Safe as houses: what do we know about home robberies in South Africa?

2013-04-23

Home robberies barely make the news anymore in South Africa, unless someone is seriously injured. For example, a short article from SAPA on 17 April 2013 with the headline ‘2 injured in Daveyton robbery’ provides little detail about the two people who were shot and badly injured when intruders broke into their home to steal their television set. According to the 2012 National Victims of Crime Survey (NVCS), half of households surveyed feared this type of crime. ‘Home robbery’, unlike ‘house breaking’ (burglary), is regarded as a violent crime because people are at home when it takes place. This puts people at risk of personal injury and emotional trauma in the place where they should feel safest. This is why home robbery fuels fear across many communities.

But what do we know about home robberies in South Africa? Much of what we do know comes from data collected by the South African Police Service (SAPS) and the National Victims of Crime Surveys (NVCS), undertaken by Statistics South Africa.

We know that house robbery is a growing problem across most provinces. Official crime figures show that home robbery increased nationally by 64,4% in the past eight years and appears to have stabilised at a high rate. In latest crime statistics for 2011/12, a total of 16 766 home robberies were recorded. This is a slight reduction of 0,7% when compared to the previous year’s figure of 16 889 incidents. Although Gauteng is the hardest hit with 38% of the national total (6 336), it was one of only two provinces, the other being KwaZulu-Natal, that recorded decreases in the past year (10% and 6,2% respectively). Most of the other provinces experienced notable increases, such as 117% in the Northern Cape, 42.3% in Limpopo, 12,3% in the Eastern Cape and 10,6% in the Western Cape.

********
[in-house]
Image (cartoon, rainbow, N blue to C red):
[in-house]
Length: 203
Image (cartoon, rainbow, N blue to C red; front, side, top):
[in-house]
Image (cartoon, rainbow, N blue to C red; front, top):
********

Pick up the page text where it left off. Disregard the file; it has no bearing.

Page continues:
While this crime drives a lot of fear, it is a relatively rare occurrence. The 2012 NVCS found that only 4,5% of households experienced at least one home robbery between January 2007 and December 2011. Overall, only 61,4% of affected households reported the incident to the police. The decision whether to report the incident depended heavily on the severity of robbery. For example, in cases where a person was injured, 83% reported the matter to the police. When nobody was injured, only 56% of incidents were reported. Almost half of those who failed to report did not believe the police could or would do anything about the incident.

According to analysis undertaken by the SAPS and published in its annual reports, 75% of home robberies occur at night, with the most vulnerable times being in the late evening between 21:00 and 23:59 and very early morning between 00:00 and 02:59. More than half (55%) of home robberies take place at these times, in all likelihood because people’s guards are down when they are relaxing or asleep. Two-thirds (66%) of home robberies are committed by small groups of two to three robbers. Most robbers were said to be males between 15 and 34 years of age.